Much of my teaching has a regional focus on the circumpolar North and on the anthropology of the Arctic and North Atlantic, but I explore more global issues of concern to anthropology as well. I am interested in how people maintain viable lifestyles, livelihoods and homes, and how they nurture human-environment relations, especially in the face of multiple threats, challenges and opportunities. In my teaching, I examine social and cultural resilience, identity and place from the perspective of anthropology and political ecology, exploring the relationship between politics, culture, institutions, and the environment. I have supervised MA and PhD students who have carried out extensive research in many parts of Canada (in Alberta, British Columbia, Saskatchewan, Yukon, the Northwest Territories and Nunavut), in north, west, south, and east Greenland, in Iceland, Scotland, Finland, Russia, Ethiopia and Japan. I welcome informal enquiries from potential graduate students whose interests coincide with my own.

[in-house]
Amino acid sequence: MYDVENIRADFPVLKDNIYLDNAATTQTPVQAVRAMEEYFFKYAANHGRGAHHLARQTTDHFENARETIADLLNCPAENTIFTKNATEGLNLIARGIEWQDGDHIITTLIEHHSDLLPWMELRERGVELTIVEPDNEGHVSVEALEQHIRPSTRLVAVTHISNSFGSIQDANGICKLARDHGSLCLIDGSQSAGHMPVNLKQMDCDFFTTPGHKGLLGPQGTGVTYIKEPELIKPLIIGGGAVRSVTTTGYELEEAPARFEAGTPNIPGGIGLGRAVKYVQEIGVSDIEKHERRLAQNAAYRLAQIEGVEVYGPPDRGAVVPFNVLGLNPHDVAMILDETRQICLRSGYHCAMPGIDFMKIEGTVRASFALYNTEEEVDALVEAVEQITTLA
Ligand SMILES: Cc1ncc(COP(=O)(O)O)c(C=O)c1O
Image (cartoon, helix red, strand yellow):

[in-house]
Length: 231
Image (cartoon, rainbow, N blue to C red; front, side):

- ANTH 487/587: The Circumpolar North and Global Change